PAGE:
Uruguay beat Brazil as Bielsa's high-stakes bet pays off in Vegas

LAS VEGAS — Amid the glitz and glamour of a Saturday night in Vegas, one of the hottest acts in town was that of a pugnacious but brave Uruguay, which beat Brazil to book their place in the Copa América semifinals.

A scrappy 10-man quarterfinal victory at Allegiant Stadium — which marked stunning back-to-back undefeated results against the CONMEBOL giants since last year — was ultimately secured by winning a penalty shootout 4-2 after the match ended goalless. Uruguay coach Marcelo Bielsa and his players are now one result away from a much-coveted spot in the championship game.

Against Brazil, they achieved this with Bielsa’s high stakes strategy that’s akin to those sitting in the casinos and at the card tables within a stone’s throw of the NFL venue.

“If you’re asking me whether there are risks [with my playing style], yes there are risks,” the Argentine coach said ahead of the game. “[But] if you’re asking me how to attack best, taking risks or not taking risks, it’s better to attack taking risks.

“You can’t say to a player, you have to go out and play, but it’s impossible for you to make a mistake.”

Even in a game when a major mistake did in fact emerge through a red card shown to Nahitan Nández in the second half, Bielsa found a way to make his wager pay off. It’s results such as this from his teams that make him a cult-like hero in the soccer world, who has gained notoriety for his eccentric nature but also stubborn determination to stick with his style of play.

Bielsa kicked things off with his usual aggressive and high-pressing approach against the Brazilians. Unafraid to throw numbers forward, but to also get stuck into crunching tackles, his method was fearless as his team pinned the opposition back and eagerly made the meeting more of a Vegas boxing scuffle. The momentum slightly changed after central defender Ronald Araújo suffered an injury that forced a substitution in the 33rd minute, but by the start to the second half Uruguay were once again grinding down their opponents with their eventual total of 26 fouls.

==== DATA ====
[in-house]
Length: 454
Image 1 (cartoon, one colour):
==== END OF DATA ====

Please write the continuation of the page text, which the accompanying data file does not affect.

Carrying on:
“It was a close match, a tight match, there were very few offensive opportunities and we had to run throughout the pitch to create those opportunities,” Bielsa said postmatch. “The players are inherently good at defending. We have to say that they are very good at keeping a clean sheet.”

Constantly attempting to win the ball back and proactively moving the ball forward, there was an admirable spirit of the players from the nation of just 3.4 million people that is well-known for punching above its weight; Uruguay have won two World Cups and 15 Copa América titles in their history, and last reached a World Cup quarterfinal as recently as 2018.

Bielsa’s lively tactics have suited the do-or-die team, but the coach’s blueprint can also lead to precarious moments. Anxious to win back possession, Nández mistimed a diving tackle against Brazil’s Rodrygo, justifiably earning a red in the 74th minute. And yet, Uruguay held on as they had to sit deeper.

“When we were one man down, we decided to dedicate ourselves to defend in our half,” said Bielsa.

Regardless, hints of Bielsa’s mentality and spirit still shone through. Sure, Uruguay were parking the bus in the final stages, but they also tested the limits of their 5-3-1 formation by progressively moving up the pitch in a handful of moments. Interestingly enough, in spite of their disadvantage against Brazil and the overall lack of shots on target, Uruguay finished regulation time with a higher xG tally (0.89 to 0.58).

Bielsa’s men had won the game of grit and it came as no surprise that they would go on to succeed in the penalty shootout. Following a save from Sergio Rochet in the first round of penalties, Uruguay had the momentum that would lead to Manuel Ugarte scoring the decisive spot kick. In front of more than 50,000 spectators that battled the 114-degree desert heat earlier in the day to get into the indoor venue, the Uruguay supporters in the stands (and some in the press box) erupted into frenzied and euphoric cheers.

There was a chaotic feel to the game, but it became quite obvious that Bielsa, drifting between his usual seat on a cooler and slowly meandering on the sideline, can thrive in this situation. While other coaches would have been more cautious, Bielsa doubled down on his Sin City bet and maintained his risk-taking strategy against the five-time World Cup champions. Though, the coach himself noted that he can sometimes fall prey to the excitement of the match.

“Today there was a great level of suspense and you know how suspense works in human beings,” he said. “When it is impossible to foresee how you can solve situations it leads you to explosive emotions and I’m also vulnerable to it.”

Nonetheless, the Argentine and his roster collected the full payout by the end of the shootout, with an upcoming semifinal against Colombia on Wednesday their reward. Time will tell how the game plays out, but there’s one thing that’s for sure; Bielsa won’t mind giving his risk-taking approach another roll of the dice.

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